Today's post is from the mother of a dancer who is in recovery from anorexia.
My daughter is Margaret Claire. She was a lovely, determined child. She danced from the age of 4 and made a choice to pursue ballet. She was talented, and when the time came to apply to colleges, she chose to major in dance.
Classically trained dancers are familiar with disappointment. While they may take class with other dancers, dance is not a “team sport”. Dancers are critical of themselves and constantly competing against other dancers for roles. They develop thick skin – on the outside.
Midway through her sophomore year in college, Margie called and told me she had a problem: she couldn’t eat. I didn’t understand what she meant until she came home for Christmas. My lovely, confident, driven daughter was so thin, and I wanted to hug away the pain I saw in her eyes. I was terrified, but certain that if I made her favorite foods, she would eat. When she didn’t eat, I assured myself she wouldn’t be purging because she would not be self-destructive…but she was. She was starving herself, she was purging, and eventually began cutting.
My daughter reached out for help, and I now know how important that step was. She withdrew from college, came home, and began the odyssey of her recovery. I enlisted the help of everyone I knew – our family doctor, my daughter’s mentor, people in the dance community, family, and friends.
It was most helpful when a therapist told me that I needed to treat this diagnosis as if I’d been told my daughter had cancer or diabetes or MS – a disease she had little to no control over.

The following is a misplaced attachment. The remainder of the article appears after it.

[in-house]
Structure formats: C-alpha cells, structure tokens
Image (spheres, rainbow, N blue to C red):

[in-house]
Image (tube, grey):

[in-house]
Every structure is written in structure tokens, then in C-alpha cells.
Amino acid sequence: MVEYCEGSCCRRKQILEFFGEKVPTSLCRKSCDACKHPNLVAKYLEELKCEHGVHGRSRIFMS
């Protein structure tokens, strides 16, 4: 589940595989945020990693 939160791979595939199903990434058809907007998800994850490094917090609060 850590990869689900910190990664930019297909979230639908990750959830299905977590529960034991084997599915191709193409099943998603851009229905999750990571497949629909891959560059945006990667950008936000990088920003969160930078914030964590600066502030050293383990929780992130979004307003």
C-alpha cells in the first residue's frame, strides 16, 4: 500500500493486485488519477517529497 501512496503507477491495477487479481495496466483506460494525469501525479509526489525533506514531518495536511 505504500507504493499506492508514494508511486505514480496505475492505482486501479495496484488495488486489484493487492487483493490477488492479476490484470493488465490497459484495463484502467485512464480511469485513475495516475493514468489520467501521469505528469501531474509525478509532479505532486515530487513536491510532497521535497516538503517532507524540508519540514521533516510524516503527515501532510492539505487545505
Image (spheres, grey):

Watching my daughter fight this disease was one of the most difficult things I’ve had to face in my life. I remember feeling so low at times, praying I could take away her pain for just a short while. I couldn’t find any joy in living, knowing my daughter was hurting emotionally and was close to her body physically giving up.
Over time she began feeling good, she was dancing again, she enrolled in a college closer to home, therapy had worked, and she was in recovery – until she relapsed.
This time her option for help was a 4-month long day program. She once again dropped out of school, her life was placed on hold, and I wondered if she would ever be okay.
I watched her fight hard – sometimes against the process, sometimes against me, & sometimes against others who held her accountable during her recovery. She fought the disease!
Today, 6 years later, my daughter is in recovery. She graduated from college with honors and has recently been accepted to a prestigious graduate program.
Six years ago….
I had no idea what anorexia was.
I had no idea if my daughter would live or die.
I had no idea how strong my daughter is.
I had no idea if I would ever find joy in life again.
I had no idea that I would be able to laugh with my daughter again.
My daughter is Margaret Claire, and she is a lovely, determined, focused young woman.a Rafflecopter giveaway